22 Patients and 19 Healthy Persons

Depression and Neutral

9

Spanish Emotional DB (2001) [16]

Spanish

Simulated

2 Actors

Anger, fear, disgust, sadness, neutral,joy,neutral

10

Emotional Speech (2001) [17]

English

Simulated

8 Actors

Anger,Joy,Sad, Neutral,Surprise and Fear

11

Emotional Speech (2001) [18]

Chinese

Simulated

Native TV Actors

721 Utterances

Anger, happiness,

neutral and sad

12

RUSLANA

(2002) [19]

Russia

Simulated

61 Actors

610 Utterances

Anger, neutral, happiness, sadness, fear, surprise

13

Speech Emotion DB (2002) [20]

Chinese

Simulated

9 Native Speakers

288 Sentences per Emotions

Anger, Sad, Fear, Joy and Neutral

14

Emotion Speech DB

(2003) [21]

Japanese

Simulated

6 Speakers

4800 Utterances

Anger, joy, sorrow, normal

15

Speech Emotion DB (2003) [22]

English

Simulated

Single Actor

Anger,Fear,Happy,Sad, Neutral

16

Emotion Speech DB (2003) [23]

Japanese

Simulated

2 Native Speakers

Anger,Joy and Sadness

17

Emotional Speech DB (2004) [24]

Greek

Simulated

1 Female 20 short sentences, 25 long sentences, 12 passages,

10 single words of

fluent speech

Anger, fear, joy, sadness, neutral

18

Emotional Speech DB (2004) [25]

Swedish

Simulated

One Single Speaker

Happiness and Neutral

19

Emotional Speech DB (2004) [26]

Italian

Simulated

Single Speaker

Anger,Disgust,Joy,Sad, Fear,Disgust

20

Emotion Speech DB

(2005) [27]

Korean

Simulated

10 Speakers

5400 files

Angry, joyful, sad, neutral

21

Emotion Speech DB (2005) [28]

Berlin

Simulated

10 Actors

800 Speech files

Anger,Joy,Fear,Boredom,

Disgust,Neutral

22

Speech Emotion DB (2006) [29]

German

Simulated

51 School Children

(21F + 30M)

Different Emotions

23

Emotion DB (2006) [30]

Swedish

Simulated

7619 utterances

Emphatic, negative, neutral

24

IEMOCAP

(2008) [31]

English

Simulated

12 hours

happiness, sadness, anger and frustration

25

Speech Emotion DB (2008) [32]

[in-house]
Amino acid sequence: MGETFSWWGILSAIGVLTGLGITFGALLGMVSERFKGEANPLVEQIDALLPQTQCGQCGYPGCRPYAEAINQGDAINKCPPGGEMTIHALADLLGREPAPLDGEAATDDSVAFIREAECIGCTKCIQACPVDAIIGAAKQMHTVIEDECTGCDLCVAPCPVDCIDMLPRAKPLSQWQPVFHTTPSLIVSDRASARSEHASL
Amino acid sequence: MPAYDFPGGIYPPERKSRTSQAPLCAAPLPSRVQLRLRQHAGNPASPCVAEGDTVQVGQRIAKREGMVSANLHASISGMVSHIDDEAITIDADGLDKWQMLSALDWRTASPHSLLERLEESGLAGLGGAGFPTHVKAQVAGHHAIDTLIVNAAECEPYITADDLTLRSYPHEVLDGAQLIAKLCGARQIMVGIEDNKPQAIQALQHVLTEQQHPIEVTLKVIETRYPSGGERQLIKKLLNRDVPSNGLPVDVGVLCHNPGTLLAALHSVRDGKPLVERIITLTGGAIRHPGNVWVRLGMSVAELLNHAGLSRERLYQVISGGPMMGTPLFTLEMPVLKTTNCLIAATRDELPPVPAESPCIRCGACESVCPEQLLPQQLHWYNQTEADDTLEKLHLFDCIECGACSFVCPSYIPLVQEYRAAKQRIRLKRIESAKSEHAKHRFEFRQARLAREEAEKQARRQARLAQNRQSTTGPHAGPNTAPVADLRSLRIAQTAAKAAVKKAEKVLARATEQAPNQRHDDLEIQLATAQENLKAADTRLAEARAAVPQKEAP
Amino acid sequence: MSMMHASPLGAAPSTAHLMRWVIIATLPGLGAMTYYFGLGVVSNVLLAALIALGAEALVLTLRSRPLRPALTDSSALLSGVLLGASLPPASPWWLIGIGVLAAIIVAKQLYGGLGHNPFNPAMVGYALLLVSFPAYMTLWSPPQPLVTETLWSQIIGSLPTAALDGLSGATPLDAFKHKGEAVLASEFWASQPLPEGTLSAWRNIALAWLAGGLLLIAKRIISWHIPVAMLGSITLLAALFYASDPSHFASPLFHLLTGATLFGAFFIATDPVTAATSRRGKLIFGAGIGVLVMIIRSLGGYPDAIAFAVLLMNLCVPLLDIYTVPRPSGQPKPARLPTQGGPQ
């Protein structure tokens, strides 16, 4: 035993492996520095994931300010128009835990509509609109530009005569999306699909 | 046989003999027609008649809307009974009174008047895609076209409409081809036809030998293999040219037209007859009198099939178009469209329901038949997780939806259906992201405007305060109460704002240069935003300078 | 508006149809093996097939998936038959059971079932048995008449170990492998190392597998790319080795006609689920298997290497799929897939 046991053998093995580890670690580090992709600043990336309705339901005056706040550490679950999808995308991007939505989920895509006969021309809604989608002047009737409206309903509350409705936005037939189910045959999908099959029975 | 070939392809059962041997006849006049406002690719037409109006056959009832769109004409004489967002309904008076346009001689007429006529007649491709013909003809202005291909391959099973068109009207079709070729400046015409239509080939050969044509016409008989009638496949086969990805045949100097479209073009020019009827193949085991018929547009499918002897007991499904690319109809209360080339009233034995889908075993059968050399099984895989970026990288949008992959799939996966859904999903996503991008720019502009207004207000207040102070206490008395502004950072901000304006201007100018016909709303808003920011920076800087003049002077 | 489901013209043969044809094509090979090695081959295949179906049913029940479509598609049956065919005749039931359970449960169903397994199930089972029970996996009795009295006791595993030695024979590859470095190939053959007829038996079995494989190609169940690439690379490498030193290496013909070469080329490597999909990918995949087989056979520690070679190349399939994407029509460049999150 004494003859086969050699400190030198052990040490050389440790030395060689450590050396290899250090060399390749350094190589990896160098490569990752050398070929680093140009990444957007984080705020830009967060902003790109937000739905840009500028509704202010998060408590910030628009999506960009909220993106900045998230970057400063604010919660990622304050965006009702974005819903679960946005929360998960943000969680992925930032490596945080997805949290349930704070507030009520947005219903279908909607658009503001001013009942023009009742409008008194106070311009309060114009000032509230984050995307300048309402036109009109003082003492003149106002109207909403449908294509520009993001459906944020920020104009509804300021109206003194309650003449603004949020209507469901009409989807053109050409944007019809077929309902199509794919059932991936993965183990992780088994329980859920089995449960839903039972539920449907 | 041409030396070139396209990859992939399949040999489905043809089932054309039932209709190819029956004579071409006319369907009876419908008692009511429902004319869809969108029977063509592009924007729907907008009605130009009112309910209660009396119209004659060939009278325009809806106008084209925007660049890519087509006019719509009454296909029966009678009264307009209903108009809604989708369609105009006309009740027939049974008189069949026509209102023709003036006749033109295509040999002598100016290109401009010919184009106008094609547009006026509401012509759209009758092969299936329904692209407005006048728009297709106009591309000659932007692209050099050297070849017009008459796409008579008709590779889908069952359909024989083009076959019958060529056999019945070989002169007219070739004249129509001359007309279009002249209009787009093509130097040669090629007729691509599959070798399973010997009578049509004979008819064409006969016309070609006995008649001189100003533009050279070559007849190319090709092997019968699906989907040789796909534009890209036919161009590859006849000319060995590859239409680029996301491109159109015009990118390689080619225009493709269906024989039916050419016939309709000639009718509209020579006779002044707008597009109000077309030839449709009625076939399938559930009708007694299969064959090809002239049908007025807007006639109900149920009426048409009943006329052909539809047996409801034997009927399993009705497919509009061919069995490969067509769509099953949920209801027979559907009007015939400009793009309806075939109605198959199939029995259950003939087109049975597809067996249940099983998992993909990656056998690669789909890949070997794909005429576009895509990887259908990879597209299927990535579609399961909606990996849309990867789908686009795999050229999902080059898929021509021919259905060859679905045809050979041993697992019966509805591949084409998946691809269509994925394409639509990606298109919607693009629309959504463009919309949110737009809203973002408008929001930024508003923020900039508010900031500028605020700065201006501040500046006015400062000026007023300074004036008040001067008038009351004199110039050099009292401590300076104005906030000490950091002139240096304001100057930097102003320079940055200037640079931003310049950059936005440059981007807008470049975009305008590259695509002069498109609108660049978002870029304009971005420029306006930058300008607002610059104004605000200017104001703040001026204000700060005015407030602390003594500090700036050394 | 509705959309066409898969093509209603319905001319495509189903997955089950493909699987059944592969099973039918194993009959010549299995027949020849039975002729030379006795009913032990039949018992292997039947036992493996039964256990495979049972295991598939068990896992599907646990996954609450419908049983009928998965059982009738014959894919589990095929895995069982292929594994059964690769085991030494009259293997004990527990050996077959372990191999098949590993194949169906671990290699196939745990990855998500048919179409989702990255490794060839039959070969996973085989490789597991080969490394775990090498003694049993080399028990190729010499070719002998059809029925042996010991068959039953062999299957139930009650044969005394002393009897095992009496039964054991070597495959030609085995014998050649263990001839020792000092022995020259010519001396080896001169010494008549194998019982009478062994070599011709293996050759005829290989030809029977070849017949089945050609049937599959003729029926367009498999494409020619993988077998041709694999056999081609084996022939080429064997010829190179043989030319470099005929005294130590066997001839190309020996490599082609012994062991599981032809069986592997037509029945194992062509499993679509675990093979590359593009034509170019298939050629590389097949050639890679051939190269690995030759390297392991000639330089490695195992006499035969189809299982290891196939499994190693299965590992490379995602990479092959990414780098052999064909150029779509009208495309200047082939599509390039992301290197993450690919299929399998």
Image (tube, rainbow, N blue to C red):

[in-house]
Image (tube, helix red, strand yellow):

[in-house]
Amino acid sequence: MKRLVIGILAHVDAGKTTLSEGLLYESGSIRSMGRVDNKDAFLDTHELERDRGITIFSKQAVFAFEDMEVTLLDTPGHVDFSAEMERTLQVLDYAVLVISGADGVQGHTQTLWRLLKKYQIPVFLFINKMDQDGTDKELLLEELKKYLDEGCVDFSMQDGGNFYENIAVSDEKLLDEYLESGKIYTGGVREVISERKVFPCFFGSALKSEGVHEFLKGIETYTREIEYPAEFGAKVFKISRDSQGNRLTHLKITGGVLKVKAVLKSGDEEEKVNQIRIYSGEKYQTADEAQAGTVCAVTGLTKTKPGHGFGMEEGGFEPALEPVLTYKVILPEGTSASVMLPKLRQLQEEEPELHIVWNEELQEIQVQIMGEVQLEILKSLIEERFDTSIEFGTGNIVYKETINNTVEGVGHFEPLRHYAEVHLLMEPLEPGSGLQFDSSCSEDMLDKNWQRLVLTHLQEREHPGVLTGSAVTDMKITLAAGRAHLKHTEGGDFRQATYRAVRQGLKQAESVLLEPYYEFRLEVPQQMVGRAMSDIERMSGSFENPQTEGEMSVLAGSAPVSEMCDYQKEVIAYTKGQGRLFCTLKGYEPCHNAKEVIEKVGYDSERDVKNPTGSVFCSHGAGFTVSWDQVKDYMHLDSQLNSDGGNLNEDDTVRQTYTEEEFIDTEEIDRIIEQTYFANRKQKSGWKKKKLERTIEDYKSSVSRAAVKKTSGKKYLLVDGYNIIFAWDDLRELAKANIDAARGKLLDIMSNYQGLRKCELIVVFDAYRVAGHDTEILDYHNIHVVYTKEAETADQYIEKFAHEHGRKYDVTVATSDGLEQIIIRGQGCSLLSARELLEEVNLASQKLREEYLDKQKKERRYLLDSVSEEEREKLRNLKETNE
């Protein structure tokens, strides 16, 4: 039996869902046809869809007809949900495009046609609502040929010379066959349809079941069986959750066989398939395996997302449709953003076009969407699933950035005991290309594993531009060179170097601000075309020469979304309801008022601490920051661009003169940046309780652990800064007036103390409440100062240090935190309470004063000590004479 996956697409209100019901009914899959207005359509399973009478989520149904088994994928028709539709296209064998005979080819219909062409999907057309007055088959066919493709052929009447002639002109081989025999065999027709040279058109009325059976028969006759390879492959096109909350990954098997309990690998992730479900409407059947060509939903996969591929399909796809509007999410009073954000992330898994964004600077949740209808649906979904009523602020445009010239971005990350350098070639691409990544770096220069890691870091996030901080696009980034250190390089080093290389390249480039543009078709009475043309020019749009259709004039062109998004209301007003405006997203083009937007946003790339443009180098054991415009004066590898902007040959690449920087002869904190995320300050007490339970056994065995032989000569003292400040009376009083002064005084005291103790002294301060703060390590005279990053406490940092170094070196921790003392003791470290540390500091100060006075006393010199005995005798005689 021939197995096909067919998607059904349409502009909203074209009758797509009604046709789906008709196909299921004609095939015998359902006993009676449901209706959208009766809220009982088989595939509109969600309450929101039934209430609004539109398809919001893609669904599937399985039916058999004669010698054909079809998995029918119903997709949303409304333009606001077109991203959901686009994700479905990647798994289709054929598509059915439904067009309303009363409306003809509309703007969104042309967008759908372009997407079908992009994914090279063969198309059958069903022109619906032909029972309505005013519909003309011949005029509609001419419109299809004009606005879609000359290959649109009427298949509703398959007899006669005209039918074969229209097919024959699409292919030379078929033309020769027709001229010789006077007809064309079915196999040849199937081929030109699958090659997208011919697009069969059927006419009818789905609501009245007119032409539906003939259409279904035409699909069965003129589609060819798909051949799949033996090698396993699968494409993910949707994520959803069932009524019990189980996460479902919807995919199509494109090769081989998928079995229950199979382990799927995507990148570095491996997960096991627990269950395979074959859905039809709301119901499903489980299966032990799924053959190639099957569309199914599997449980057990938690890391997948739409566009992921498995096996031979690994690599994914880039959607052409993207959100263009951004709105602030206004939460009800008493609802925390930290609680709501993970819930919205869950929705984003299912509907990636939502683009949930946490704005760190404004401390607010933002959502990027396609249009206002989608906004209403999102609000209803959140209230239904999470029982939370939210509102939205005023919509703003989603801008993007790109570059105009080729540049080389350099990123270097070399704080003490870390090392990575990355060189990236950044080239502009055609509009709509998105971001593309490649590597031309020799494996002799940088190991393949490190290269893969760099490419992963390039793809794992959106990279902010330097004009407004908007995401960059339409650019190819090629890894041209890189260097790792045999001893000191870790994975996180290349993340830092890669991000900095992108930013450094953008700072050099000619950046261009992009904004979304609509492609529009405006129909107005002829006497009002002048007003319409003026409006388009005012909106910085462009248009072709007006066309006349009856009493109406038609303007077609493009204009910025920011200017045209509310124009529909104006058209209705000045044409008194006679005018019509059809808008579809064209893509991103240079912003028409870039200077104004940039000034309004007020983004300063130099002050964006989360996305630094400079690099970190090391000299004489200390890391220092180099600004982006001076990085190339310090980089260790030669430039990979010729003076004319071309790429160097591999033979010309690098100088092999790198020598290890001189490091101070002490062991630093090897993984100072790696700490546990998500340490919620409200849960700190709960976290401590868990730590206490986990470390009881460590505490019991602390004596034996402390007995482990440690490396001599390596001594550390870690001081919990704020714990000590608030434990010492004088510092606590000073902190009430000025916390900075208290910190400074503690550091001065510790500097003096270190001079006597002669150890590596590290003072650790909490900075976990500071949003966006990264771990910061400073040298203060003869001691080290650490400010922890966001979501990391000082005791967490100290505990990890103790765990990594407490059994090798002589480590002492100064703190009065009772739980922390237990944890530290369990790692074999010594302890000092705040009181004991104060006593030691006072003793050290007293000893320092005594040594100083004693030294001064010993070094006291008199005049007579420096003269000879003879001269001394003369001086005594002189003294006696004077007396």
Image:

German

Natural

104 Native Speakers

Two basic emotions

26

IIT-KGP-SESC (2010) [33]

Telugu

Simulated

10 Speakers

12000 Utterances

Anger, fear, happy, disgust,

compassion, sarcastic,

surprise, neutral

27

TESS (2020) [34]

English

Simulated

2800 Utterances

Anger, fear, happiness, disgust, surprise, neutral, sadness

28

IIT-KGP-SEHSC (2011) [35]

Hindi

Simulated

10 Speakers

12000 Utterances

Anger, fear, happy, disgust,

neutral, sarcastic, compassion,

surprise

29

SAVEE (2011) [36]

English

Simulated

4 Actors

480 Utterances

Anger, Sad, Happy, Fear, Neutral, Disgust and surprise

30

Keio University Japanese

Emotional Speech Database

(Keio-ESD) (2009) [37]

Japan

Simulated

940 utterances,

71 speaker (male)

Anger, disgusting, downgrading, happiness, gentle, funny, worried,

relief, shameful, etc.(47emotions)

31

RECOLA (2013) [38]

French

Natural

46 speakers

(19 males, 27 females)

7 hour speech Utterances

Five social

behaviours (engagement, agreement, dominance, rapport performance)

32

Chinese Natural Emotional

Audio-Visual Database

(CHEAVD) (2017) [39]

Mandarin

Semi-Natural

238 speakers

140 minutes emotional speech

From TVs, movies.

Anger,

disgust, happiness, anxious,

neutral,

surprise, sadness and worried

33

Mixed Two Language Speech Emotion DB

(2014) [40]

Latin-American,

Japanese

Natural

57 Speakers

(30-Latin American and 17 Japanese)

Negative,Positive

34

(PDREC)

Persian Drama Radio Emotional Corpus (2014) [41]

Persian

Simulated

33 Speakers (15M,18F)

748 Utterances

Anger,Happy,Sad,Fear,

Disgust,Boredom,Neutral

35

EMOVO (2014) [42]

Italian

Simulated

6 Professional Actors

14 Sentences and 588 recordings

Anger,Sad,Joy,Fear,

Disgust,Surprise,Neutral

36

Multi language Speech Emotion DB (2016) [43]

German (Berlin DB),

English (eNTERFACE)

Simulated

10 Speakers (494 files) and

42 speakers (1170 files)

Anger,Happy,Sad,

Surprise,Boredom,

Disgust

37

Multi Lingual Speech Emotion DB (2018) [44]

Tamil,

Malayalam, English

Simulated

10 Speakers

Happy,Sad,Anger

38

RAVDESS (2019) [45]

English

Simulated

24 Speakers

1440 Utterances

Calm, happy, sad, angry, fearful, surprise, and disgust

39

SHEMO

(2000) [46]

Persian

Semi-Natural

87 Speakers

3000 Utterances

Anger, fear, happiness, sadness and surprise

40

IIITH-TEMD

(2007) [47]

Telugu

Semi-Natural

38 Speakers

5317 Utterances

 

Anger, Happy, Sad, Surprise,

Neutral, Sarcastic, etc.

A platform and improved recognition accuracy are not provided by traditional Telegu databases. Most of the Indian languages' speech research is in its infancy. As a result, a database specifically for Indian languages should be built in the lab [5]. It is possible to discern emotions in Telugu speech using a variety of databases, as shown in Table 2.

Table 2. Overview of various Telugu speech emotion databases

Sl.No

References

Database Type